Nordqvist, Cecilia; Timpka, Toomas; Lindqvist, Kent

    2009-01-01

    Background The theory and practice of safety promotion has traditionally focused on the safety of individuals. This study also includes systems, environments, and organizations. Safety promotion programmes are designed to support community health initiatives taking a bottom-up approach. This is a long-term and complex process. The aim of this study was to try to empirically identify factors that promote sustainability in the structures of programmes that are managed and coordinated by the local government. Methods Four focus group sessions with local government politicians and administrators in designated Safe Communities were conducted and analyzed using qualitative content analysis. Results Collaboration was found to be the basis for sustainability. Networks, enabling municipalities to exchange ideas, were reported to positively influence the programmes. Personal contacts rather than organizations themselves, determine whether collaboration is sustained. Participants reported an increase in cross-disciplinary collaboration among staff categories. Administrators and politicians were reported to collaborate well, which was perceived to speed up decision-making and thus to facilitate the programme work. Support from the politicians and the county council was seen as a prerequisite. Participants reported an increased willingness to share information between units, which, in their view, supports sustainability. A structure in which all local authorities' offices were located in close proximity to one another was considered to support collaboration. Appointing a public health coordinator responsible for the programme was seen as a way to strengthen the relational resources of the programme. Conclusion With a public health coordinator, the 'external' negotiating power was concentrated in one person. Also, the 'internal' programme strength increased when the coordination was based on a bureaucratic function rather than on one individual. Increased relational resources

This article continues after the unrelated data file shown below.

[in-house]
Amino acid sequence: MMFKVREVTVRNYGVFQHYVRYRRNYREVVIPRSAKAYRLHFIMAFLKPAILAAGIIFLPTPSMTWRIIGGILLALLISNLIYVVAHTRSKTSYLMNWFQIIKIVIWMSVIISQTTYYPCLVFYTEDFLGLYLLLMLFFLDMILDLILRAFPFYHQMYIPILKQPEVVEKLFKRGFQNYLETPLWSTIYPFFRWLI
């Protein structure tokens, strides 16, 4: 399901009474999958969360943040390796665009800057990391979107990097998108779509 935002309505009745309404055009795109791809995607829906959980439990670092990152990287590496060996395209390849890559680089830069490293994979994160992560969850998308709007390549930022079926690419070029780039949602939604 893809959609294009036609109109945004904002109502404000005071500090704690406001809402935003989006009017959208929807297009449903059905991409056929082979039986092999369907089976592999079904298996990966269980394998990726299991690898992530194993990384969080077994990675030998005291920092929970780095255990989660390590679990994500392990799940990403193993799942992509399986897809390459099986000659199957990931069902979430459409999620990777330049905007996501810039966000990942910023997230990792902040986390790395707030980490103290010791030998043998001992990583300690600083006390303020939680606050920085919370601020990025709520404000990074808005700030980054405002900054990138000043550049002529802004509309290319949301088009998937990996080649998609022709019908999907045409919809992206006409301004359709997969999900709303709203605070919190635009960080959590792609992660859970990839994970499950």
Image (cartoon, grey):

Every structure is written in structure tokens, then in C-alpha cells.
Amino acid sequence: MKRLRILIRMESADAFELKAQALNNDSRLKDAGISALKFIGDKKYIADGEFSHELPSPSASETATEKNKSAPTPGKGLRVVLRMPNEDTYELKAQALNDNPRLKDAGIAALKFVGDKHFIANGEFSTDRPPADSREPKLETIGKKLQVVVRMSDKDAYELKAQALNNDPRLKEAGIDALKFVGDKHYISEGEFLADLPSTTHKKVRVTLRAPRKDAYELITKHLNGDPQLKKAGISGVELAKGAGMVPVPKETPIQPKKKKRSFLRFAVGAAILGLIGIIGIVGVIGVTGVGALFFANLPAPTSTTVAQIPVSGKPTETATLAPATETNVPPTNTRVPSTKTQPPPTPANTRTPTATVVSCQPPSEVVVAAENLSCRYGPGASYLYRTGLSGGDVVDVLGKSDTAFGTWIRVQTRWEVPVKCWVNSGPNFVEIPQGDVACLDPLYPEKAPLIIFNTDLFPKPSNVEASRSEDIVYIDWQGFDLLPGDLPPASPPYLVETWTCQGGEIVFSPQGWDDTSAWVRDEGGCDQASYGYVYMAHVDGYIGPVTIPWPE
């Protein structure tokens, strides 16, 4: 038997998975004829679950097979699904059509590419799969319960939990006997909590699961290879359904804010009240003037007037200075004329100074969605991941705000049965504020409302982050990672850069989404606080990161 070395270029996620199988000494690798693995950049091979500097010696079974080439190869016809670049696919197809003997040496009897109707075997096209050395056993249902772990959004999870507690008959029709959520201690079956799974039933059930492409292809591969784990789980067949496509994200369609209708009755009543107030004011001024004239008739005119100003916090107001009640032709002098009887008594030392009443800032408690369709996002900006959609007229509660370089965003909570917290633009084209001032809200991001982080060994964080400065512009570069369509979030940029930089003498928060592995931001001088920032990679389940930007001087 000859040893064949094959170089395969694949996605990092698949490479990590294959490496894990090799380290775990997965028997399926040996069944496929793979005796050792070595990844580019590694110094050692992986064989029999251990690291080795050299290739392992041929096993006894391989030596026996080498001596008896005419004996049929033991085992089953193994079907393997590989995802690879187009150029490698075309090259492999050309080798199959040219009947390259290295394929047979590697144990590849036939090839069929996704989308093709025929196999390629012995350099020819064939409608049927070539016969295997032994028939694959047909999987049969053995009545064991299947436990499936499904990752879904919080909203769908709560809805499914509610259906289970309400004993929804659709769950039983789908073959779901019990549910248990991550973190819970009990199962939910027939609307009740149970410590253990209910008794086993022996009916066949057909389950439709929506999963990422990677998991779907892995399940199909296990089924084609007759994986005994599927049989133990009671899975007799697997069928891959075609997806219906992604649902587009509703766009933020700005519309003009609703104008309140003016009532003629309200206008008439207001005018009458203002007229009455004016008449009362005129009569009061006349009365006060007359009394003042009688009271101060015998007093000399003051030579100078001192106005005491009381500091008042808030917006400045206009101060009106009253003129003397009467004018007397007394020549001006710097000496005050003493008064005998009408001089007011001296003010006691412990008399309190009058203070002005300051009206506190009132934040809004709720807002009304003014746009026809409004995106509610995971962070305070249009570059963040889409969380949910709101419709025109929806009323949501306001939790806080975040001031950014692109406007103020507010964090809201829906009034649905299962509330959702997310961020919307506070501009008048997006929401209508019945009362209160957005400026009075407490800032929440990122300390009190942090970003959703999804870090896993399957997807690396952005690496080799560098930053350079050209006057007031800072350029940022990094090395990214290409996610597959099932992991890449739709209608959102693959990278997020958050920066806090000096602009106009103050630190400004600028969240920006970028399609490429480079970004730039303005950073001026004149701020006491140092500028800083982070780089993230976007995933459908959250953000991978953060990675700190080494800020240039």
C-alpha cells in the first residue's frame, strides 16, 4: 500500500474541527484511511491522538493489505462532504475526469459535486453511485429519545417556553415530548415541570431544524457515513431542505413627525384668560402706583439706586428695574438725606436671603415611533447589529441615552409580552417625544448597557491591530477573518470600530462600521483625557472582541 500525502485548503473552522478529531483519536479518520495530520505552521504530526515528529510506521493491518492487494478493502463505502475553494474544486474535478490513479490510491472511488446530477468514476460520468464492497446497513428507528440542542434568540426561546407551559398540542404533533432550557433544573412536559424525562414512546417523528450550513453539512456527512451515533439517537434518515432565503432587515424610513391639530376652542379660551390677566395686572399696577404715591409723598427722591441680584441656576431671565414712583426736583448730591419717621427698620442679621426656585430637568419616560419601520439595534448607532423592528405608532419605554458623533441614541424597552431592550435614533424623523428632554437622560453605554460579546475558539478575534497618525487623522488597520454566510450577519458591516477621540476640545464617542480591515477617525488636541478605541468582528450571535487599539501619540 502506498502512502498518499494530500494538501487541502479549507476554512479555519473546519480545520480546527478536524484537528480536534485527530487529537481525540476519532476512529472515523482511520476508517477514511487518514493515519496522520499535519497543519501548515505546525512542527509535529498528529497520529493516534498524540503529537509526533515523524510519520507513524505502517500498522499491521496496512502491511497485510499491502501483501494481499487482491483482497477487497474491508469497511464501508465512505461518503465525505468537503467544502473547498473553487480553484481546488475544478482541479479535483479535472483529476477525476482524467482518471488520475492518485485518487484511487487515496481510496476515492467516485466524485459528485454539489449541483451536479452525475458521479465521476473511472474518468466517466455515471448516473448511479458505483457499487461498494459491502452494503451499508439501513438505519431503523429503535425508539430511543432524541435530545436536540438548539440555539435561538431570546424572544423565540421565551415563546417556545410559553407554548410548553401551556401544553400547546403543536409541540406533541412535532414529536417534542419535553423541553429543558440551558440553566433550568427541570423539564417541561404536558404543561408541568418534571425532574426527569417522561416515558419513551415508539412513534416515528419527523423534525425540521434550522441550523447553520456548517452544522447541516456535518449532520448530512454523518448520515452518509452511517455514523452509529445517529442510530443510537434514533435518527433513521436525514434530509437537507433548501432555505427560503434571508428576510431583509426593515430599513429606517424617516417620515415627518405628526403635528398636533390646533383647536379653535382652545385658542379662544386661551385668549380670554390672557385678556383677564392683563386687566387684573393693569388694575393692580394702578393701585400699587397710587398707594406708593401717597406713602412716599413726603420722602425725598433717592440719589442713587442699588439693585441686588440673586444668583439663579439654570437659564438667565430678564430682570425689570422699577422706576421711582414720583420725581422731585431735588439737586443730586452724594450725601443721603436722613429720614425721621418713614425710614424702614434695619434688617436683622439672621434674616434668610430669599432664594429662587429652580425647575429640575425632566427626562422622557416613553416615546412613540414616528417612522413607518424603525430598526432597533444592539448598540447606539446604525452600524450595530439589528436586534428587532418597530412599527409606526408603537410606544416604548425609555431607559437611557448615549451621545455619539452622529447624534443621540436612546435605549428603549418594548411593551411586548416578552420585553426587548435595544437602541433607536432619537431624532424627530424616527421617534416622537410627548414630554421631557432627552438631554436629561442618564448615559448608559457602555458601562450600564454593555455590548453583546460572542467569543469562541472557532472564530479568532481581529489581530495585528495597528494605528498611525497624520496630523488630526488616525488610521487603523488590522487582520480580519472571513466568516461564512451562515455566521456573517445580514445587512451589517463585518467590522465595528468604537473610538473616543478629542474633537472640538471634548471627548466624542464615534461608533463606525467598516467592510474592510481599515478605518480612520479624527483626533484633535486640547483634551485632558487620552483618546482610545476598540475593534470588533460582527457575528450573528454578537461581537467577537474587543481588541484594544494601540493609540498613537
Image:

19. Community nutrition programmes, globalization and sustainable development.

    PubMed

    Suárez-Herrera, José Carlos

    2006-08-01

    On an international scale, the last seventy-five years have been a period of deep social, economic and political transformation for the developing countries. They have been especially influenced by the international phenomenon of globalization, the benefits of which have been unequally distributed among countries. In this context, the strategies used to improve the general nutritional health of the population of developing countries include broad approaches integrating nutritional interventions in a context of sustainable community development, while valuing the existing relations between fields as diverse as agriculture, education, sociology, economy, health, environment, hygiene and nutrition. The community nutrition programmes are emblematic of these initiatives. Nevertheless, in spite of the increasing evidence of the potential possibilities offered by these programmes to improve the nutritional status and contribute to the development and the self-sufficiency of the community, their success is relatively limited, due to the inappropriate planning, implementation and evaluation of the programmes. In the present article, I attempt to emphasie the importance of community participation of the population of developing countries in the community nutrition programmes within the context of globalization. This process is not only an ethical imperative, but a pragmatic one. It is a crucial step in the process of liberation, democratization and equality that will lead to true sustainable development.